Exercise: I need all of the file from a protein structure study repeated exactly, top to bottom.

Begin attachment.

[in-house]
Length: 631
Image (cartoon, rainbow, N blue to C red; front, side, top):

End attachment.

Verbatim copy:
[in-house]
Length: 631
Image (cartoon, rainbow, N blue to C red; front, side, top):